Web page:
“I am grateful for the opportunity to work with this great organization,” Wells said in a statement included in the release. “I am looking forward to continuing to connect with Gamecock fans – the best in the country – and to making a difference in the community.”
“We are excited to work with Juice in 2023 and are thankful to our members and supporters for making this possible,” said Jeremy Smith, Director of Operations for Garnet Trust. “We cannot wait to see the influence that Juice has both on and off the field this season.”
The agreement with Wells calls for him to provide content deliverables, plus in-person and digital appearances and charitable work on behalf of the Garnet Trust Foundation.
A transfer from James Madison, Wells Jr. made an immediate impact on the South Carolina program with a highly productive 2022 season. He finished the season with 68 catches for 928 yards and 6 touchdown receptions.
The third-year collegiate receiver announced earlier this month his plans to return to Columbia for another season in 2023.
Wells Jr. previously spent two seasons at James Madison. He broke multiple single-season records with the Dukes as a sophomore, including receiving yards (1,250), receiving touchdowns (15) and receptions (83). He earned FCS second-team All-American honors.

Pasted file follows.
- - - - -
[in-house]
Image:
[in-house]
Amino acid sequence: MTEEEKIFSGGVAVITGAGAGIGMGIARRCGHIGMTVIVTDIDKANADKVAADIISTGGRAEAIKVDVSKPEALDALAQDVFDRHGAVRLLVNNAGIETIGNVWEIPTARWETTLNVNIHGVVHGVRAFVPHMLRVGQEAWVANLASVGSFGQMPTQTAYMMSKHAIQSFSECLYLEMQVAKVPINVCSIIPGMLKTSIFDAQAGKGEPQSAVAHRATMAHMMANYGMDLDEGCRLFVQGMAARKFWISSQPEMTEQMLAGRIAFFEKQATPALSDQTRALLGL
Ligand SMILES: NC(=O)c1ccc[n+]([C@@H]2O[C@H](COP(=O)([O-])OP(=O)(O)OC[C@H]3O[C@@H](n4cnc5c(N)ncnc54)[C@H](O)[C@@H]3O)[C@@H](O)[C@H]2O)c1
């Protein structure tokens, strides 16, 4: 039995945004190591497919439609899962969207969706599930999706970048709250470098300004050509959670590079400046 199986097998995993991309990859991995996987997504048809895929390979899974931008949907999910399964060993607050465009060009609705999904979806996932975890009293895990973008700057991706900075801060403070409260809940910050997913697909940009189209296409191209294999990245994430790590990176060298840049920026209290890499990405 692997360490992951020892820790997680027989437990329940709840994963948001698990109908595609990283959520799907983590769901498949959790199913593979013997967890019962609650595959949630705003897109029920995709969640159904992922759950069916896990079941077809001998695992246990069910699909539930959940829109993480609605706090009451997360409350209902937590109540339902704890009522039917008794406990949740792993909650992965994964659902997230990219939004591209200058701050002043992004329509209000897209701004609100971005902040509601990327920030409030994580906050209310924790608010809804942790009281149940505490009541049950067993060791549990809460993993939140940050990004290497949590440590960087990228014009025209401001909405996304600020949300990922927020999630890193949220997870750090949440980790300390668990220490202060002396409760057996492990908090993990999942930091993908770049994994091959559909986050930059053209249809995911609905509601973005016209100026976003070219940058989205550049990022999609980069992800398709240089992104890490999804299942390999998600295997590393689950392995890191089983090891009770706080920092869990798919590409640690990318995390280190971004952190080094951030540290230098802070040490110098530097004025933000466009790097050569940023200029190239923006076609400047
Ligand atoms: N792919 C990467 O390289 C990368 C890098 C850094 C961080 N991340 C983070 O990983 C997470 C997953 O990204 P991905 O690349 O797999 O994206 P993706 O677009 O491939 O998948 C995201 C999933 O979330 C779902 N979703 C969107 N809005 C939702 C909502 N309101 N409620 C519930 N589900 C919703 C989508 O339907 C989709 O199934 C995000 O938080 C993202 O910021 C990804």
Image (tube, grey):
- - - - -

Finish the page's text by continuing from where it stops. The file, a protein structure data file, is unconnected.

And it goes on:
Wells Jr. had four games during the 2023 season in which finished with at least 110 yards. He saved his best performances for the final two games, catching 11 passes for 177 yards and against Tennessee and adding 9 more catches and 2 touchdowns in a rivalry win over Clemson.
Garnet Trust, a NIL collective launched in November of 2021, is a platform for USC fans to connect with University of South Carolina student-athletes through name, image, and likeness deals. Athletes contracted by the organization are compensated for written and video content, plus event appearances, autographed memorabilia, and other initiatives.
Garnet Trust Foundation was created in October 2022 with a mission to help promote, support, and advance charitable organizations and causes utilizing the NIL and notoriety of USC student-athletes